North Korea, Iran, and the Challenges of Dealing With Cyber-Capable Nuclear States

Luke McNamara
Thursday, May 18, 2017, 5:04 PM

North Korea's successful missile launch last Sunday has further sharpened the world's focus on the country’s growing nuclear capabilities. But in remarks last month, Homeland Security Secretary John Kelly commented that North Korea poses a more likely cyber threat than it does a nuclear concern.

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North Korea's successful missile launch last Sunday has further sharpened the world's focus on the country’s growing nuclear capabilities. But in remarks last month, Homeland Security Secretary John Kelly commented that North Korea poses a more likely cyber threat than it does a nuclear concern.

While years of sanctions have isolated the Hermit Kingdom from much of the global financial system, North Korea may be seeking to fund the state's coffers through a widespread cyber-crime campaign. It appears that its ability to do so may be enhanced, rather than hampered, by the increased attention that is paid to its accelerating nuclear program.

In early 2016, multiple South Korean security vendors who provide services to the country's financial sector were targeted with malware in a campaign that also affected aerospace and defense. More notably last year, an intrusion at an Asian bank eventually revealed a manipulation of international systems and a loss of over $81 million dollars. Several months after that, similar activity was uncovered targeting the Financial Supervision Authority of Poland, where North Korea has an embassy that likely could have supplied cyber threat operators with Polish-language operational support. We now strongly suspect that this activity is linked to North Korean state-sponsored cyber espionage actors.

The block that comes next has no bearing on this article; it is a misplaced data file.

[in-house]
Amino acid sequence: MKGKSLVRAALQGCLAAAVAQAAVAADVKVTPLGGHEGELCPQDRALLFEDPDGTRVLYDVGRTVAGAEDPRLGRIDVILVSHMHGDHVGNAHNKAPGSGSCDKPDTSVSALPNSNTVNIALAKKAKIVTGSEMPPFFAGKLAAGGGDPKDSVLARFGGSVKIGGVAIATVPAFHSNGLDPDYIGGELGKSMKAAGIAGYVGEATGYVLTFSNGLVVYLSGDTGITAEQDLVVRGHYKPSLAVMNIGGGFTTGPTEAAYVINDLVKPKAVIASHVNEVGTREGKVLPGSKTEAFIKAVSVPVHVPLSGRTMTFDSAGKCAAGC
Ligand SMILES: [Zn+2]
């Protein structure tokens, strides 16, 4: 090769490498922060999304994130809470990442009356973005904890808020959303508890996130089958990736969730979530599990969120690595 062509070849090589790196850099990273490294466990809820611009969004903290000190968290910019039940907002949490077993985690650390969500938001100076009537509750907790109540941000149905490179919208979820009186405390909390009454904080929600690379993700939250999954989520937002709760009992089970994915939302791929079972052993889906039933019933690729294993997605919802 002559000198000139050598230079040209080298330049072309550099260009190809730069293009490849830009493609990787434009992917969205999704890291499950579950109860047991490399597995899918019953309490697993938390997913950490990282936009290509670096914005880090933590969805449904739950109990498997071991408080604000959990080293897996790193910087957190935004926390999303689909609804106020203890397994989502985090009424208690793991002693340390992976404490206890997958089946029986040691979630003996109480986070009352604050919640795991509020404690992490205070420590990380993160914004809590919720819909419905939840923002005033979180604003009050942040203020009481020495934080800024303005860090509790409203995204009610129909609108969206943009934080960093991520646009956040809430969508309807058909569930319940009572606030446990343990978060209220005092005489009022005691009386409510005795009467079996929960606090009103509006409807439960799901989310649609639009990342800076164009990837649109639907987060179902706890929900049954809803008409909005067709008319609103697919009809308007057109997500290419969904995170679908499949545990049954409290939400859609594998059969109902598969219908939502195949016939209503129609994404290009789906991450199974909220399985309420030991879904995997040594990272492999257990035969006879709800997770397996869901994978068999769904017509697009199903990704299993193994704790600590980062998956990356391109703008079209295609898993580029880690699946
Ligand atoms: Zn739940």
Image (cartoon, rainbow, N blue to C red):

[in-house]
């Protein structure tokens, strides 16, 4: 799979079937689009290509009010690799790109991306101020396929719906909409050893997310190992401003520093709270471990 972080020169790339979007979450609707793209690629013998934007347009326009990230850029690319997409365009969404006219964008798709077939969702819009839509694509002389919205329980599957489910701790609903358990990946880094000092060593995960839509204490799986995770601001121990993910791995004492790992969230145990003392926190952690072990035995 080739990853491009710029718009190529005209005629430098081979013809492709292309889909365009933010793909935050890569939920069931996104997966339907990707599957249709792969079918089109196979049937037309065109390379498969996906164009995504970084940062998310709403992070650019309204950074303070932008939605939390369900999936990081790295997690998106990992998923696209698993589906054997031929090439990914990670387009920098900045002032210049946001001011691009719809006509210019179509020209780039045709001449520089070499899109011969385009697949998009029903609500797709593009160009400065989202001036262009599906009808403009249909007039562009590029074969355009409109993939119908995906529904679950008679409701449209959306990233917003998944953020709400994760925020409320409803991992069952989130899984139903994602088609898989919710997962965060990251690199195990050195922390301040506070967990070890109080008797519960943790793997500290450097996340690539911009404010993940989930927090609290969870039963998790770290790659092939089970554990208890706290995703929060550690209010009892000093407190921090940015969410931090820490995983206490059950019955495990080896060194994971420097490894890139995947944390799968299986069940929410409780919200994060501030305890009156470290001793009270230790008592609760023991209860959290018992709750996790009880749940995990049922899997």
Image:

For close observers of North Korea's capabilities, state-sponsored espionage actors carrying out financial theft should not come wholly as a surprise. To augment the little trade it is able to carry out under sanctions, North Korea has relied upon a government department, Office 39, to generate hard currency through everything from counterfeiting to weapons sales and other illicit activity, all for the financial benefit of the state and Kim regime. Given Office 39's mission and North Korea's need to fund (among other things) its nuclear weapons program, it is quite likely that this activity is as much for financial gain as it is for the destabilizing affect it has on the global financial system North Korea is mostly isolated from.

Even if these cyber-enabled thefts were opportunistic in the past, there may be reason to believe that more coordinated and intentional campaigns could surface in the near future. If the US successfully convinces China to apply pressure to North Korea—especially by reducing its economic relationship and following suit with India, which recently suspended most of their trade relationships—Pyongyang would be left with few options to compensate for lost income that it could ramp up as quickly as cybercrime.